Phone hacking settlement: NoW publisher accused of cover-up | Media | guardian.co.uk
About 60 civil cases have been steadily fought through the courts throughout last year. The disclosure battles have taken place largely behind the scenes. The Leveson inquiry public hearings may have attracted more limelight, with their lurid tales of tabloid malpractice, but the lawsuits, brought by three firms of solicitors working in a co-ordinated project, have been the driving force behind the unfolding of the entire hacking scandal.
The series of disclosure orders forced the abandonment of the News of the World’s “rogue reporter” defence, the revival of a major police inquiry, which is still continuing, the departure of the prime minister’s press secretary, former News of the World editor Andy Coulson, and the setting up of the Leveson inquiry itself.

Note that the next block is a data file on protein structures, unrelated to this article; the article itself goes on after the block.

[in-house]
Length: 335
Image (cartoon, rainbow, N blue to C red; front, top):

Leveson is likely to want to be supplied with the confidential papers detailing the reasons behind any settlements announced this morning.
This week, James Harding, the editor of the Murdoch-controlled Times, published a confessional editorial saying: “It appears that the News of the World routinely used illegal means to unearth stories of questionable, if any, public interest. As the evidence of wrongdoing came to light, News International, Rupert Murdoch’s company that also owns The Times, was unable or unwilling to police itself. This was a disgrace.”
Thursday’s statement from Bindmans, which represented a number of the claimants, credited “the work of investigative journalists at the Guardian” in helping the victims by revealing the cover-up at the News of the World.